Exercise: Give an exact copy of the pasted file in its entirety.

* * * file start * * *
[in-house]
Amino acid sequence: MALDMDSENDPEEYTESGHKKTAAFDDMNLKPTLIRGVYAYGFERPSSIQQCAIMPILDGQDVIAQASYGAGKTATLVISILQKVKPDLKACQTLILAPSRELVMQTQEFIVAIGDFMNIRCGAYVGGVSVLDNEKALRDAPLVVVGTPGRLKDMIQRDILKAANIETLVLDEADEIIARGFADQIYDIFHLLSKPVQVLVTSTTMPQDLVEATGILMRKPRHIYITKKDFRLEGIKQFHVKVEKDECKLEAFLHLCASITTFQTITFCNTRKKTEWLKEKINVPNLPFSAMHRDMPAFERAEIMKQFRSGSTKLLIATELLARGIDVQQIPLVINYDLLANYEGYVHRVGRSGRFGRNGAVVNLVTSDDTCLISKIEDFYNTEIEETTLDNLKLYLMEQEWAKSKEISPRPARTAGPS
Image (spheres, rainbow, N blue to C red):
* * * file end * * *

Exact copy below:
[in-house]
Amino acid sequence: MALDMDSENDPEEYTESGHKKTAAFDDMNLKPTLIRGVYAYGFERPSSIQQCAIMPILDGQDVIAQASYGAGKTATLVISILQKVKPDLKACQTLILAPSRELVMQTQEFIVAIGDFMNIRCGAYVGGVSVLDNEKALRDAPLVVVGTPGRLKDMIQRDILKAANIETLVLDEADEIIARGFADQIYDIFHLLSKPVQVLVTSTTMPQDLVEATGILMRKPRHIYITKKDFRLEGIKQFHVKVEKDECKLEAFLHLCASITTFQTITFCNTRKKTEWLKEKINVPNLPFSAMHRDMPAFERAEIMKQFRSGSTKLLIATELLARGIDVQQIPLVINYDLLANYEGYVHRVGRSGRFGRNGAVVNLVTSDDTCLISKIEDFYNTEIEETTLDNLKLYLMEQEWAKSKEISPRPARTAGPS
Image (spheres, rainbow, N blue to C red):